In Deepalaya we think and believe otherwise. In our new school at Kalkaji Extension we will have all those facilities for the disabled children with the aim of creating a friendly environment which is physically and mentally conducive. 

DISABILITY PROJECTDisability project was started in 1994 at two locations of South Delhi – Sanjay Colony & Gole Kuan with the basic aim of rehabilitation and mainstreaming the physical and mentally disabled children.

Through individual attention, counseling, awareness generation, improving self esteem provision of aids and appliances towards a meaningful life is being achieved.

During the year, four polio affected children have been operated for removal of contractures in their lower limbs, seven polio affected children were provided with Calipers, six hearing and speech impaired children have been given hearing aids. They are showing progress with the therapy. At the same time twelve children with various diagnosis of mental retardation, and who have been coming to the special units of the project, have shown signs of improvement. They have become more social in their manner of interacting with others. Their behavior in the class and their way of presenting themselves have improved tremendously.

One of the achievements of this year has been starting a new unit in the V.P Singh Colony with 16 disabled children. The teacher has been getting on the job training regularly. An awareness generation camp was organised in the same location with Jan madhyam and SSNI coming together to help us. Certificate of disability was provided to thirteen children from All India Institute of Medical Sciences (AIIMS), New Delhi. This certificate would help them to avail facilities provided by the government. Regular speech therapy, exposure visits, painting & handicraft sessions etc. and other ways to makes the life of these children better are attempted.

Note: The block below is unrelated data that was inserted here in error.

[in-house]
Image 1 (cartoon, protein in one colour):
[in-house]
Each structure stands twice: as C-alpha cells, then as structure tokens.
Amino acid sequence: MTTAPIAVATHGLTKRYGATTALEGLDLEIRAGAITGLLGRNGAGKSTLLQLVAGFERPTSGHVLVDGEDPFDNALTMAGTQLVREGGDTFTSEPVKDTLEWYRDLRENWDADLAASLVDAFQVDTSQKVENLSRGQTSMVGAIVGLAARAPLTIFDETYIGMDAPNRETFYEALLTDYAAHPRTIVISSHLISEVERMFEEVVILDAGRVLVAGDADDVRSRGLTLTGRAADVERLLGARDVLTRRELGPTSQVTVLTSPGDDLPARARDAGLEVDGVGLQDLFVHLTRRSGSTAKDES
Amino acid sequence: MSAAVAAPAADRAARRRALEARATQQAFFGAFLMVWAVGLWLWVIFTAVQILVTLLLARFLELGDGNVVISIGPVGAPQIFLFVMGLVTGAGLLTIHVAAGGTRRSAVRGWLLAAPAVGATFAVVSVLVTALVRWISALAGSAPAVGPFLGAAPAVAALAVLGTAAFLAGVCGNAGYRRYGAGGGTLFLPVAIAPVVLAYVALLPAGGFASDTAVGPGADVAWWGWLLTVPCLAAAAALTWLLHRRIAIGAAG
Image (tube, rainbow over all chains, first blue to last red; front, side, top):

As far as mainstreaming the handicapped with formal system is concerned 17 children have been integrated either at Deepalaya School or at different MCD Schools of the locality. Our collaboration with AIIMS rehabilitation Department, St. Stephen Hospital, SSNI, Jan Madyam etc. has helped in achieving these objectives.

It’s rightly said if the railway stations in the city were to close down, the world for many would come crushing down. Among them would be large number of children…Subodh is 13 years old, from Khagaria district in Bihar, works in Azadpur Sabzi mandi, as ahead loader, he is one of the many children who are learning basics of Education at Deepalaya’s street & working children project and experiencing the childhood which was long deprived 

In his words, the world came down crushing when his father passed away, but today he knows he is not alone in his struggle, Deepalaya stands beside him in his hour of need, Deepalaya has added essence of childhood in his life he looks at the future through the eyes of Deepalaya.

STREET AND WORKING CHILDREN PROJECTThe project for street and working children was launched last year (Feb ’97) to ameliorate the plight of street and working children and bring some solace in their living.

Through the project we have attempted to reach out to children falling within the age bracket of 6-16 years largely from unorganised sector (on the street or no home or parents) from the locations of Banana Godown, Gori Shankar Mandir, Shalimar Bagh and at New Delhi Railway Station.

A number of programmes and services are offered to them through the project for instance – education, health, recreation, animation and motivation for personality development, counseling, exposure trips, night shelter, nutrition etc.